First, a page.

All professional speakers have made mistakes. I certainly have made my share of them. It’s part of the learning process of becoming a good speaker. But one thing that has saved me time and time again through computer glitches and more is improv. Michael Bay proved at the Consumer Electronics Show that speakers should learn improv.

One of the very first speaking jobs I had was for a large educational conference. Everything was great until I happened to glance at the back of the room and saw the CEO of the company standing there staring at me. Suddenly, for some reason, I forgot the name of the company that hired me. It was probably a ten second pause, but for that moment, it seemed like an eternity.

Using my improv background, I instinctively grabbed a teddy bear that was sitting on the table, which happened to have the name of the company on it. Phew! Saved by the bear! I started improvising in the bear’s voice and after getting a laugh from the audience and the CEO, the faux pas was quickly brushed off.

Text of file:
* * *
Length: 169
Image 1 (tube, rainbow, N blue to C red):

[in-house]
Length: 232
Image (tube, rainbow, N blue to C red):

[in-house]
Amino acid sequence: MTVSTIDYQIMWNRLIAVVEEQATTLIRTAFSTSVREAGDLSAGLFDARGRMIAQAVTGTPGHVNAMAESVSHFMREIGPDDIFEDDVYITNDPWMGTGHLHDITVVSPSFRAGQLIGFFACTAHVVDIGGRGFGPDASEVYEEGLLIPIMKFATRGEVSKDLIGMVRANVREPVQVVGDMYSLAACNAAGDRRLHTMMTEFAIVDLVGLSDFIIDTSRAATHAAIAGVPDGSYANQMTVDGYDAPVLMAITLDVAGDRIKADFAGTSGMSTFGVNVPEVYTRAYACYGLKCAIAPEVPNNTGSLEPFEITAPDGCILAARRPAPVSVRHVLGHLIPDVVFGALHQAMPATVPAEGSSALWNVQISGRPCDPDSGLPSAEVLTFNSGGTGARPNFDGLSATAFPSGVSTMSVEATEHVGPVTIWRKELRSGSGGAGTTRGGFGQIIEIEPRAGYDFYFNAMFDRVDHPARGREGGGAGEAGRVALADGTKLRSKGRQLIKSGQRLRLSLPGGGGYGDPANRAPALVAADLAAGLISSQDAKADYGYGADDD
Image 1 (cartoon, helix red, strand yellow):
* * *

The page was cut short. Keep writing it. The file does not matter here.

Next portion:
Director Michael Bay’s “meltdown” at the CES could have benefitted from a little improv training. First of all I would have told him that a keynote speaker should never rely on a teleprompter. Just like a speaker should never rely completely on a power point presentation. Technology, as great as it is, is not perfect. And speakers, more than anyone, know about Murphy’s Law. If you’ve been a speaker for any length of time, you’ve had some kind of technology screw up happen to you.

But if he had known his topic inside and out, and also had some improv background, he would have been able to riff on the spot, even making a joke out of a technology failure at a consumer electronics show. This is proof of Murphy’s Law in action.